Our History

St. Paul the Apostle School celebrates more than 50 years of educating thousands of children in the community of Westerville.  Many have been associated with our school and parish for many years. The "Book of Dedication" dated January 28, 1962 details the early days of the school's mission. "On this memorable occasion of the dedication of the new school, our interest is fittingly centered on the beginnings of the Parish's school. Yet as a token of gratitude to the Priests and faithful, many of whom have gone to their eternal reward, who dreamed dreams of what has now become for us a reality, we give this brief outline of the Parish history." The history of St. Paul Parish as written in this book falls into three stages: as a Mission; as a Parish; as a Parish with a school. 
The mission began when in the spring of 1913, the Most Reverend James J. Hartley, D.D., then Bishop of Columbus, made a request for a mission to be established in Westerville. The first Mass was celebrated in September of 1913 in a room at 10½ College Avenue. The mission was named under the patronage of St. Paul the Apostle. Fr. Conrad Conrardy, professor on the faculty of the Josephinum College in Columbus, soon assumed the care of St. Paul Parish for the next 16 years. This established a long enduring relationship between St. Paul and the Josephinum.
The Capuchin Fathers arrived to assume the duties of St. Paul Mission in June, 1931 at the invitation of Bishop Hartley. A residence belonging to the Gary Meeker family was purchased and converted into a monastery. In the same month Father Aloysius, O.F.M.Cap. began the building of the first church. The church was dedicated by Bishop Hartley on Sunday, November 7, 1931. It was shortly thereafter that the Sisters of Notre Dame de Namur from St. Joseph's Academy began giving religious instruction to the children of the parish. At this time in history the number of Catholics in Westerville was small. In 1947 there were only three boys in a Catholic grade school and not one girl. That being said, there were only 19 boys in the public grades and 11 girls.  In1948 Father Donald Shearer, O.F.M.Cap. purchased a station wagon and began transporting 16 children to Immaculate conception School in Columbus. Two years later these students attended St. James the Less School. Slowly but surely the number of children attending Catholic schools increased. In 1951, 68 children from St. Paul Parish were attending St. Peter's and 40 students were attending public schools.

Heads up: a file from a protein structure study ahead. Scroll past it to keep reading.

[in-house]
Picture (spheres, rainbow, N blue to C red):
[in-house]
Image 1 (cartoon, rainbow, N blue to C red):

Ground was broken for the construction of a parish school on March 5, of 1961 in what was described as a heavy rain storm. The Sisters of Notre Dame arrived on the feast of the Immaculate Heart of Mary, August 22, and quickly made themselves at home and prepared the organization of the school. It was decided that all eight grades would open, which at this period in time was a unique feature in the opening of a new school. And so, on September 6, 1961, 218 children walked through the doors of the new St. Paul the Apostle School. It was described as the happiest day in the history of St. Paul.
Fifty years later, on August 24, 2011, 825 students proudly walked through the doors of our St. Paul School full of the same excitement and love of learning and God that those first 218 students felt on the opening day of school. Our students celebrated the first all school Mass in our beautiful new church on August 31, 2011, marking another glorious milestone in the rich history of our St. Paul School and Parish.
Many things have been written since that day back in 1961 including many additions to the school facility and changes in administration, teachers, priests, and staff. The goal of St. Paul school however remains the same ñ to provide a Christ-centered learning environment that challenges each child to strive for the highest possible level of spiritual and academic formation. We begin the 2011-2012 school year with the same spirit and commitment to Christ-centered teaching, living, and learning that began 50 years ago with the tireless efforts of those who wanted to give all the children in the parish the benefits of a Catholic education.